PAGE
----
Following a winter of problems and production suspensions, Minnesota’s biodiesel industry reported a trouble-free March.
The St. Paul Pioneer Press reported that both the Minnesota Trucking Association and the Minnesota Soybean Growers Association said they are getting no complaints from their members or anyone else about the state’s biodiesel supply.
Minnesota ran into a snag in the fall when it became the first state to require that all diesel sold in the state be a 2 percent biodiesel blend. The complaint calls quickly started rolling in.
Across the state, numerous truckers and fleet owners complained of clogged fuel filters and other engine problems, forcing state officials to temporarily suspend the biodiesel mandate until the problem could be solved.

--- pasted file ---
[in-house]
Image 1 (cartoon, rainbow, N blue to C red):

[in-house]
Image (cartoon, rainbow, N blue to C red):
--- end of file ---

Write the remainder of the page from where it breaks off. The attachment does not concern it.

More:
The mandate was reinstated in February after weeks of research determined that one bad batch of biodiesel that did not meet specifications for glycerin content was to blame for the problems.
Edward Garvey, deputy commissioner of the state Commerce Department, told The Pioneer Press that the upshot of all the problems is that it lead to tougher standards for biodiesel production in the state.
“First, biodiesel producers started to raise their game and make a concerted effort to police themselves and assure greater quality,” he said. “Second, petroleum purchasing folks raised their game, and their purchasing requirements went above and beyond what’s in the (biodiesel mandate). And third, we increased our enforcement.”